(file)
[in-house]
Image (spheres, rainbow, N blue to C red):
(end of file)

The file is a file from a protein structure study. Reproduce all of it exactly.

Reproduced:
[in-house]
Image (spheres, rainbow, N blue to C red):